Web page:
Years ago, in a meandering conversation on what advisors need to be successful, the successful advisor and author Susan Hirshman caught me up short by telling me that it’s only one thing that advisors want and need to be successful: new, good clients.
SmartAdvisor appears to be a convenient, affordable and efficient way for advisors to meet that need.
A new offering from SmartAsset.com, which provides personal finance tools and education to online consumers through its website and through partnerships with popular financial sites, the genesis of SmartAdvisor came when CEO and co-founder Michael Carvin and his team realized that many of those consumers “wanted to talk to a person” about their finances. “The idea to connect investors on the SmartAsset program came from people asking for it,” Carvin said simply in a March 14 interview.
There are many client referral programs, of course, offered by advisor custodians and broker-dealers, by associations like the Financial Planning Association and NAPFA and by financial publishers and standalone companies.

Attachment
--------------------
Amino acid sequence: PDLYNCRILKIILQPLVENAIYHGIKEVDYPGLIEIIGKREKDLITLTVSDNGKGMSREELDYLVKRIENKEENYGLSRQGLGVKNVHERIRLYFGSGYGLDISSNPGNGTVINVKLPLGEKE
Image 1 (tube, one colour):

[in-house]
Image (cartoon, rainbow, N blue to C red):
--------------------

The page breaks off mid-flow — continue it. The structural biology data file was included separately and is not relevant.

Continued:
Carvin sums up SmartAdvisor’s intent this way. “Our goal is to build a fund-raising machine for financial advisors; to build the first white glove local marketing service for advisors.” The platform, he says, allows advisors to “tap into all of that intent that investors have on the web to work with them.”
There are three things that seem to set apart SmartAdvisor from those other referral sites:
1. For one, advisors who sign up for the program don’t need to make a long-term commitment. “They can hit the ‘pause’ button at any time,” says Carvin, and for any reason. “We thought about it this way: if you compel an advisor to sign up for a year, it doesn’t sound like you have a huge amount of confidence” in that referral program.
2. Second, these are not cold leads that the advisor gets, but rather ‘high-intent” leads, as SmartAdvisor calls them. “They opt in” by responding through a “little link on a retirement calculator or on a CNN Money article,” says Carvin, that asks ‘Are you interested in meeting a financial advisor in your neighborhood?’ The prospects then have to answer 20-25 questions about their financial assets and goals, including queries like ‘Do you have kids? How close are you to retirement?’ which Carvin says help “weed out those who don’t want to work with an advisor. Then we get on the phone.”